Míriel explains there were once seven palantíri, which are Elven-made seeing stones used to communicate across great distances, but it’s unknown whether the other six have been lost or hidden. However, the one that ended up in Númenor was passed to Míriel’s father with, as she says, “a great secret.”
The secret, it turns out, is the vision of Númenor’s destruction, which Míriel says begins with Galadriel’s arrival on the island. It’s for this reason that Míriel is so desperate to get rid of Galadriel for most of Episode 4, but when she sees the petals falling from Númenor’s White Tree just as Galadriel is sailing away from the island kingdom, Míriel changes her mind and finally agrees to help the elf save The Southlands.
Tolkien fans, of course, already know whether her last-minute decision is enough to save Númenor from the future Míriel dreads. For now, though, it seems safe to say that her apocalyptic visions have made it clear just how dire the ongoing moral reckoning within Númenor actually is.
Mithril in The Rings of Power
Also in Episode 4, Prince Durin IV (Owain Arthur) finally comes clean to Elrond (Robert Aramayo) about the secret he and the other dwarves of Khazad-dûm have been withholding from their Elven friends. The secret, it turns out, is a new ore the dwarves discovered sometime before Elrond’s arrival, one that Durin IV says is “lighter than silk” and “harder than iron.”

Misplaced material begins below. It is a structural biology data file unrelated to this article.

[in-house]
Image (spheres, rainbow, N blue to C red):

As many Tolkien fans had already guessed, the ore is mithril, the same metal that will be used to make the coat of armor Frodo Baggins wears in the Lord of the Rings trilogy.
Mithril is extremely dangerous to mine. Despite that, one should expect the Dwarves of Khazad-dûm to continue mining for it in the years to come. It is, after all, their desire to acquire as much mithril as possible that leads them to dig too deep and awaken the very monster that will bring about the Dwarven kingdom’s downfall.
Like many of the biggest moments in The Rings of Power Episode 4, Elrond and Durin’s conversation about mithril not only brings one of the show’s previous storylines to a close but also sets up several major moments still to come.
New episodes of The Lord of the Rings: The Rings of Power premiere Fridays on Prime Video.